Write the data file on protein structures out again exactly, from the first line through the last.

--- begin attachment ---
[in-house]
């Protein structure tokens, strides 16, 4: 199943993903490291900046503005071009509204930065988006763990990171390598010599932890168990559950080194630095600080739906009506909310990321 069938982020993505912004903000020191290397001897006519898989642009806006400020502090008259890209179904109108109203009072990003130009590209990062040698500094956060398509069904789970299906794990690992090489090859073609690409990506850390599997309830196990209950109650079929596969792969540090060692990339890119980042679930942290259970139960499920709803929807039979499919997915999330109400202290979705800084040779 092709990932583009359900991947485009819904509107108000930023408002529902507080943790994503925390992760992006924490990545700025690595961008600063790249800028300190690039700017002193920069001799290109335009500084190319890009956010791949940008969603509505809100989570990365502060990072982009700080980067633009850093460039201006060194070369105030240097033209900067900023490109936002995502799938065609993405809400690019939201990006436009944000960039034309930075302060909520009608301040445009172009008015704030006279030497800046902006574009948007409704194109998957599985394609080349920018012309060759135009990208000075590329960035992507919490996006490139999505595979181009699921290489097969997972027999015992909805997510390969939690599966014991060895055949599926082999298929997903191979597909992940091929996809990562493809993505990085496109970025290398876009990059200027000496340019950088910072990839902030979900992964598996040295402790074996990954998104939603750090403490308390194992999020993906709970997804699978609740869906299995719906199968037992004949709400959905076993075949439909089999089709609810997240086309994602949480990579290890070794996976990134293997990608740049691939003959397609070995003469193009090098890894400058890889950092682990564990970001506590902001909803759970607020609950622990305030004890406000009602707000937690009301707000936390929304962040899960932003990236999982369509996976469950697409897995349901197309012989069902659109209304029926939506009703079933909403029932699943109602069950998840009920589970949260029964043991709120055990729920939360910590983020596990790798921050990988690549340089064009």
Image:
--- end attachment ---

[in-house]
């Protein structure tokens, strides 16, 4: 199943993903490291900046503005071009509204930065988006763990990171390598010599932890168990559950080194630095600080739906009506909310990321 069938982020993505912004903000020191290397001897006519898989642009806006400020502090008259890209179904109108109203009072990003130009590209990062040698500094956060398509069904789970299906794990690992090489090859073609690409990506850390599997309830196990209950109650079929596969792969540090060692990339890119980042679930942290259970139960499920709803929807039979499919997915999330109400202290979705800084040779 092709990932583009359900991947485009819904509107108000930023408002529902507080943790994503925390992760992006924490990545700025690595961008600063790249800028300190690039700017002193920069001799290109335009500084190319890009956010791949940008969603509505809100989570990365502060990072982009700080980067633009850093460039201006060194070369105030240097033209900067900023490109936002995502799938065609993405809400690019939201990006436009944000960039034309930075302060909520009608301040445009172009008015704030006279030497800046902006574009948007409704194109998957599985394609080349920018012309060759135009990208000075590329960035992507919490996006490139999505595979181009699921290489097969997972027999015992909805997510390969939690599966014991060895055949599926082999298929997903191979597909992940091929996809990562493809993505990085496109970025290398876009990059200027000496340019950088910072990839902030979900992964598996040295402790074996990954998104939603750090403490308390194992999020993906709970997804699978609740869906299995719906199968037992004949709400959905076993075949439909089999089709609810997240086309994602949480990579290890070794996976990134293997990608740049691939003959397609070995003469193009090098890894400058890889950092682990564990970001506590902001909803759970607020609950622990305030004890406000009602707000937690009301707000936390929304962040899960932003990236999982369509996976469950697409897995349901197309012989069902659109209304029926939506009703079933909403029932699943109602069950998840009920589970949260029964043991709120055990729920939360910590983020596990790798921050990988690549340089064009």
Image: